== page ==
From paving the way to the naturalization of people of Indian descent to writing laws that guaranteed gender equality in education, Asian American politicians have made a lasting impact on the institutions of the United States.
In honor of Asian Pacific American Heritage Month, NBC Asian America looks back at some of these political trailblazers including Dalip Singh Saund.
He emigrated from India in 1920 through way of Ellis Island, and attended the University of California, Berkeley, for his masters and Ph.D. in mathematics. After getting married, he and his family moved to the farming community of Westmorland, California, where Saund became interested in politics. But because he wasn’t a U.S. citizen, his ability to participate was limited.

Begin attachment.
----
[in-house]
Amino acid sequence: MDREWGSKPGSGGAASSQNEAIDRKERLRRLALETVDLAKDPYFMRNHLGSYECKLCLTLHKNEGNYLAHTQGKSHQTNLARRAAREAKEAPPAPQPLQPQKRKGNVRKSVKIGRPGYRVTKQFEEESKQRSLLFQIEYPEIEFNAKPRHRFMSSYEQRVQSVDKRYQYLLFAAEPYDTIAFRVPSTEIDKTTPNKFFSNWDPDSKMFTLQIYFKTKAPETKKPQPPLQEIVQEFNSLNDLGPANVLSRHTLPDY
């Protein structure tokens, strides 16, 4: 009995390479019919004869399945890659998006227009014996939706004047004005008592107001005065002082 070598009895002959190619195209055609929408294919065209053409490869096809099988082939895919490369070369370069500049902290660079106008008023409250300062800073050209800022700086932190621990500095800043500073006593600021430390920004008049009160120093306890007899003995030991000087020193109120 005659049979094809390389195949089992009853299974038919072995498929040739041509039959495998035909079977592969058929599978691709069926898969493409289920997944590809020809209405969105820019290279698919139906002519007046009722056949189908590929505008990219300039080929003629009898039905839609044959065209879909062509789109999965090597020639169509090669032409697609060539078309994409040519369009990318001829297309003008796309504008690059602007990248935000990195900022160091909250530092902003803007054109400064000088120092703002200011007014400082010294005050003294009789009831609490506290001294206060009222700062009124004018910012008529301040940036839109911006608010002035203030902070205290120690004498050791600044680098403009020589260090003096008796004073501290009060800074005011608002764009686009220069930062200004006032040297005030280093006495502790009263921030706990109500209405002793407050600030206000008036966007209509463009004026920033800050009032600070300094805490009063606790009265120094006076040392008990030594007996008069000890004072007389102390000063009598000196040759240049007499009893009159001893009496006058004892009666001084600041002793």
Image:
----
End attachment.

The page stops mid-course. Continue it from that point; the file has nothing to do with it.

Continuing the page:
In the 1940s, he organized efforts to open citizenship to Indians living in the U.S. and eventually Congress passed a bill in 1946 allowing Indian immigrants to pursue naturalization. Saund officially became a U.S. citizen in 1949. The following year, he ran for a judgeship and won, but the election was vacated because he had been a citizen for less than a year. Saund successfully ran again two years later and served for four years.
In 1955, Saund announced his campaign to run for the House of Representatives as a Democrat and was re-elected twice. He was a supporter of the 1957 Civil Rights Act and used his own story to advocate its passage.
“No amount of sophistry or legal argument can deny the fact that in 13 counties in one state in the United States of America in the year 1957, not one Negro is a registered voter,” Saund, who died in 1973, at 73, said during a speech in support of the law. “Let us remove those difficulties, my friends.”